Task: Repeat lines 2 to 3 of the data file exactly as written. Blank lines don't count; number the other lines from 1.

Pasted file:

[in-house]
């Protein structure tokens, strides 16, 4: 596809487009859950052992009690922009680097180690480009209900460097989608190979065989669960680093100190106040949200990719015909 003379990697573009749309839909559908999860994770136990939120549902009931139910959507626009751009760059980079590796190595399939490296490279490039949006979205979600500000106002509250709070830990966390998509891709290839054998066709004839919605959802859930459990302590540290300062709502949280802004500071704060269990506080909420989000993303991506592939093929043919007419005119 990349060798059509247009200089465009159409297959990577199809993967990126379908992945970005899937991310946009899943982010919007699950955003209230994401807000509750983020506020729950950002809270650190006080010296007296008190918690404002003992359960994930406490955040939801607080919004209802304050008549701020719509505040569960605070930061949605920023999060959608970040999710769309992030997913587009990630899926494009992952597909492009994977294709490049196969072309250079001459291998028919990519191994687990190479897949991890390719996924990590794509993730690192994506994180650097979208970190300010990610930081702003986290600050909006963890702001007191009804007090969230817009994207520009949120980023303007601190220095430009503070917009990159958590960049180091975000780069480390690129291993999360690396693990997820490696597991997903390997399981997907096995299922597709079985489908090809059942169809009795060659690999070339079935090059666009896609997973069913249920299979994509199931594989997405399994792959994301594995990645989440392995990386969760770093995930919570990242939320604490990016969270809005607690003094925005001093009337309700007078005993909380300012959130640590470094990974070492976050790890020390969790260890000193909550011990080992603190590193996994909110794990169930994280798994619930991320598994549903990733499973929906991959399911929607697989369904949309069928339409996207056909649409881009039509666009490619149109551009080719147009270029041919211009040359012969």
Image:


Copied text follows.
């Protein structure tokens, strides 16, 4: 596809487009859950052992009690922009680097180690480009209900460097989608190979065989669960680093100190106040949200990719015909 003379990697573009749309839909559908999860994770136990939120549902009931139910959507626009751009760059980079590796190595399939490296490279490039949006979205979600500000106002509250709070830990966390998509891709290839054998066709004839919605959802859930459990302590540290300062709502949280802004500071704060269990506080909420989000993303991506592939093929043919007419005119 990349060798059509247009200089465009159409297959990577199809993967990126379908992945970005899937991310946009899943982010919007699950955003209230994401807000509750983020506020729950950002809270650190006080010296007296008190918690404002003992359960994930406490955040939801607080919004209802304050008549701020719509505040569960605070930061949605920023999060959608970040999710769309992030997913587009990630899926494009992952597909492009994977294709490049196969072309250079001459291998028919990519191994687990190479897949991890390719996924990590794509993730690192994506994180650097979208970190300010990610930081702003986290600050909006963890702001007191009804007090969230817009994207520009949120980023303007601190220095430009503070917009990159958590960049180091975000780069480390690129291993999360690396693990997820490696597991997903390997399981997907096995299922597709079985489908090809059942169809009795060659690999070339079935090059666009896609997973069913249920299979994509199931594989997405399994792959994301594995990645989440392995990386969760770093995930919570990242939320604490990016969270809005607690003094925005001093009337309700007078005993909380300012959130640590470094990974070492976050790890020390969790260890000193909550011990080992603190590193996994909110794990169930994280798994619930991320598994549903990733499973929906991959399911929607697989369904949309069928339409996207056909649409881009039509666009490619149109551009080719147009270029041919211009040359012969």
Image: